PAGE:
In the evening Lizzie came over from the blacks' camp, where she had been holding a great palaver, and asked us if we should like to see a "corroborrie," or dance; and much pleased at getting a glimpse of the native customs, and glad of anything to break the monotony of our lives, we followed her to the group of palms, and there took up our positions to watch the proceedings. A tremendous fire was soon flaming on the beach, near it the gins and piccaninnies assembled, with bits of stick, clubs, and calabashes, on which to beat time. Some thirty of the men then stood up, armed with spears, tomahawks, nullah-nullahs (war-clubs), and boomerangs, and commenced a series of ludicrous antics, to a most melancholy dirge chanted by the women, a kind of rude time being observed. Gradually, however, they grew excited, and worked themselves up by going through a sort of mock fight; and when at the last the women danced round them with torches, all howling and shrieking at the top of their voices, and banging the calabashes with kangaroo bones or anything that would add to the noise, the whole scene reminded one of the infernal regions broken loose. This lasted an hour, at the end of which time we withdrew, after expressing ourselves highly gratified, and the whole camp was shortly buried in repose. We kept double sentries, but we might all have gone to sleep, for there was no symptom of treachery. At daylight we had breakfast; gave the warriors and gins a few trifling things we could spare, such as knives, two or three blankets—for we hoped to reach the township that night—and, wonder of wonders to the savages, some matches (nearly all of which they expended in verifying the fact that they would go off), and then took our departure from the "bora ground," guided by a native, who showed a very short way, unknown to Lizzie, by which we arrived at the 'Daylight' early in the afternoon, to find that the latter had been joined by the 'Black Prince', the steamer that had brought up the Cleveland Bay party. We quitted in our little craft for Cardwell, and the Townsville men went south in their steamer, intending to get some shooting at the Palm Islands before going home for good. Eleven o'clock that evening saw us at our township, fully determined to carry out the work thoroughly by searching the Macalister River, an account of which I hope to give in a future chapter.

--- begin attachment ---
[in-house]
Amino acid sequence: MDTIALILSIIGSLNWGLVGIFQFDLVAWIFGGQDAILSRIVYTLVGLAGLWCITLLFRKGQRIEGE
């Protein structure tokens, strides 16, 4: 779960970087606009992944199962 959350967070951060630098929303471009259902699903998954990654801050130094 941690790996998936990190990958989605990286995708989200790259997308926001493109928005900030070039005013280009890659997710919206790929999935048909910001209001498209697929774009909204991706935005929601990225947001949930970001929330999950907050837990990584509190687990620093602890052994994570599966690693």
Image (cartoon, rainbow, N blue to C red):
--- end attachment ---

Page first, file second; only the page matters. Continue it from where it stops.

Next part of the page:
The reader who has been good enough to follow me so far, will see that hitherto our efforts had been unattended with the slightest success, and that the fate of the missing schooner and her living freight still remained buried in the deepest mystery. To say that we were not disheartened by our numerous disappointments would be untrue, for we well knew that each closing day rendered our chances of affording relief to the survivors more and more difficult; so much so, in fact, that at the council assembled to discuss the matter in the large dining-room of the hotel, several voices urged the expediency of abandoning any further attempts. Much valuable time, they remarked, had been already expended by men to whom time represented money, nay more—the means of living. Their own avocations imperiously demanded their presence, and although they were the last men in the world to desert their fellow-beings in extremity, still, in a country where every man lived by the sweat of his own brow, self-interest could not be entirely sacrificed.


Even we, who were most anxious to organise another expedition, could not but acknowledge that the searchers had much justice on their side; but when we were discussing matters in rather a despondent tone, a new ally came to the front in the person of Jack Clarke, the horse-breaker.